• LIVE Wednesday Waves Clara May 19-June 30 6:30-8:30.  Eight sessions, limited to 12 participants.  The incomparable depth of a committed group. Beginning our session with physical distance, masks, fans, open doors. Feeling into the group, arriving at consensus about these details as we begin to move together.
  • LIVE and ON LINE Sunday Sweat Your Prayers May 16 10:00-11:30.  I’m up front this week simulcasting from the garden.  We continue to keep physical distance out there, masks optional…so much space.
  • ON LINE Essentials every Thursday/Friday 10:00-11:30 in May.  Choose your day, lay out your mat: roller, tennis balls, blocks, blanket.  90 minutes to release those fascial binds, access/tone deep subtle core, stretch out those needy tight spots, feel it come together in asana. Drop in; recordings always available; music always stellar.
  • LIVE Essential Recharge 11:30-1:30 Saturday May 22.  For the vaccinated, pre-enrollment required.  Over the top amazing to be with you in the flesh last month.  A good landing zone if you are new to practice, great support for cyber-practitioners.  This month I’m bringing a box of infamous pokey balls so we can get a bit deeper into shoulder and hip release.
  • LIVE Cultivate Being residential retreat July 23-25 Four Springs Center.  Yes, you read that correctly.  This is the fifth in a five year series that we had to cancel exactly one year ago. We will be dancing, making art, swimming in the pool, frolicking in the forest from Friday night to Sunday noon. My son Ross is catering the event.  Who knows?  Maybe I’ll make some soup!  Harbin Hot Springs is four miles away.  I’ll be at Harbin all day Friday and will return there after the retreat on Sunday.  Masks will be optional at this residential gathering.  Take a moment to read the details and join us please!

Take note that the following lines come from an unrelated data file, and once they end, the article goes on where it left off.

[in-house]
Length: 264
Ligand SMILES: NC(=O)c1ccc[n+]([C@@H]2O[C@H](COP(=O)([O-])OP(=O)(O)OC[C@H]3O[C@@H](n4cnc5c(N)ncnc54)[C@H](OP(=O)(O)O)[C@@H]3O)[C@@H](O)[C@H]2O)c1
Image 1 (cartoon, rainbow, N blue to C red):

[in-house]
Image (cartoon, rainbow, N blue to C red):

Take a look out your window right now.  Take a full breath in and out. In this moment it appears all is well with the world. I’ll take that.

Love, Bella

That first pair arrived as harbingers of middle age.  Cheap readers from the drugstore.  Every year or two the numbers rose: 1.0, 2.25, 3.5…you get the picture.  Maybe you’re living it.  In no time the number could not go high enough, my arms were just not long enough, the lighting was just never strong enough.  When I caved, I found my distance vision wasn’t so hot either.  By the time I was fifty, it was full time bifocal-ville…trifocals before too long.

This is to say that I can’t even remember what it’s like to clearly see the outside world without peering through a lens.  And what a world it is!  When I first received that distance prescription I could not believe what I had been missing.  The clear edge of a blade of grass.  The distinction of individual leaves on trees.  The infinite shades of green out there.  It was mind blowing.

But those prescription numbers just kept advancing as predictably as the arrival of each birthday.  My final distance prescription was the strongest available.  In this last year I could not (safely) drive at night.  Or (at all) into the glare of the sun.  And still the world looked like an impressionist painting…all soft around the edges.  Discernible, just not definite.   Actually quite beautiful in its own way.  There is strong evidence both Degas and Monet suffered from cataracts.  Which is exactly what I learned was going on in my peepers.